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PA's Budget Impasse Comes to a Close - For Now...

(October 12, 2009) - After months of painful debate, Governor Ed Rendell signed two bills into law late Friday night - one on taxes, and one on spending - that would finally bring Pennsylvania its long-awaited FY10 state budget of $27.8 billion.

The budget plan, which reduces overall state spending by 1 percent from 2008-09 levels of $28.3 billion, includes a host of one-time cash infusions and $2.6 billion in federal stimulus money.  The budget also avoids hikes on the sales and personal income taxes, relying for funding instead on increased business and cigarette taxes, a new levy on "little cigars," and the legalization of table games at casinos.

A few pieces of legislation that impact the spending plan still need to be approved by the General Assembly, including ones that establish state funding for universities such as Penn State and Temple, as well as a bill to authorize the table games.  Action on these bills, however, will not further delay payments.  State agencies could see money flowing again by Tuesday.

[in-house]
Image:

The cultural sector gets a "mixed bag" in the state budget, but advocacy efforts proved critical in changing much of the conversation in Harrisburg.  A proposal to apply the state sales tax on arts and cultural admissions was scrapped after considerable backlash from arts administrators, patrons, and families in Greater Philadelphia and all across the state.  Funding for the Pennsylvania Council on the Arts had also been at serious risk when a budget proposal out of the Senate would have zeroed out the agency completely.  To read more of the good and bad on funding levels for state cultural agencies and programs, click here.

Many questions remain after Harrisburg's drawn-out budget battle.  Relations between both sides of the aisle appeared tenuous at best this year, and many expect next year's numbers to be worse.  The Governor will present the FY11 budget plan in February 2010 - and the Cultural Alliance will, as always, continue to keep you up to date on how the cultural sector fares - and ways to take action.